hpr2764 :: Personal password algorithms hosted by klaatu

Released: 2019-03-07. Duration: 00:40:44. Flag: Clean. Series: Information Underground.
Tags: password,security,algorithm,puzzle,cipher.
Is it possible to generate a unique password for every site? Klaatu tries.

hpr2763 :: Deepgeek explains SPF records hosted by klaatu

Released: 2019-03-06. Duration: 00:14:09. Flag: Clean. Series: Information Underground.
Tags: email,spf,mx,postfix,smtp.
Confused about SPF? Klaatu was. Here's Deepgeek's explanation.

hpr2762 :: What You Really Are hosted by lostnbronx

Released: 2019-03-05. Duration: 00:16:36. Flag: Clean. Series: Tabletop Gaming.
Tags: gaming, D&D, lostnbronx.
Lostnbronx looks back at his early gaming days.

hpr2761 :: HPR Community News for February 2019 hosted by HPR Volunteers

Released: 2019-03-04. Duration: 01:07:02. Flag: Explicit. Series: HPR Community News.
Tags: Community News.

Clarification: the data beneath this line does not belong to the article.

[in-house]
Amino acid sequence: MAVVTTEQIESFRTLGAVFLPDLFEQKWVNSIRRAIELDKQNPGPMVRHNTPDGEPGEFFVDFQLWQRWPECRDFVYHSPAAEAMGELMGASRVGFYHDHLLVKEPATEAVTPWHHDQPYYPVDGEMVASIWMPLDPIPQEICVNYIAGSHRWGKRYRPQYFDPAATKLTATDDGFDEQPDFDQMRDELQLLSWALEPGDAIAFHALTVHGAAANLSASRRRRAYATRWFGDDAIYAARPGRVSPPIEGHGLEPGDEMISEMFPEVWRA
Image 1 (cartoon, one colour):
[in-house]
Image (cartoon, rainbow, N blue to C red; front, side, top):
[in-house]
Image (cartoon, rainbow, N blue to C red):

HPR Volunteers talk about shows released and comments posted in February 2019

hpr2760 :: What is VNF hosted by JWP

Released: 2019-03-01. Duration: 00:07:25. Flag: Clean. Series: Networking.
Tags: Virtual network function,VNF,network functions virtualization,NFV.
A topic from the Open Networking conference in Amsterdam

hpr2759 :: Cleaning the Potentiometers on a Peavey Bandit 65 hosted by Jon Kulp

Released: 2019-02-28. Duration: 00:20:44. Flag: Clean.
Tags: Guitars, electronics, amplifiers, maintenance, repair.
I disassemble and clean the pots on my Peavey Bandit 65 to fix static in the knobs.

hpr2758 :: Haskell - Data types and database actions hosted by tuturto

Released: 2019-02-27. Duration: 00:42:46. Flag: Clean. Series: Haskell.
Tags: haskell, database.
Brief summary of how to declare your own datatypes in Haskell and how to store data in database

hpr2757 :: How to DM hosted by klaatu

Released: 2019-02-26. Duration: 00:44:54. Flag: Clean. Series: Tabletop Gaming.
Tags: rpg,dm,gm,game master,dungeon master,dnd.
Klaatu explains how to DM an RPG, and Lostnbronx demonstrates, step by step, how to build a dungeon

hpr2756 :: Bash Tips - 20 hosted by Dave Morriss

Released: 2019-02-25. Duration: 00:32:35. Flag: Explicit. Series: Bash Scripting.
Tags: Bash,array,delete,positional parameters.
Deleting arrays; positional and special parameters in Bash

hpr2755 :: My YouTube Subscriptions #2 hosted by Ahuka

Released: 2019-02-22. Duration: 00:22:09. Flag: Clean. Series: YouTube Subscriptions.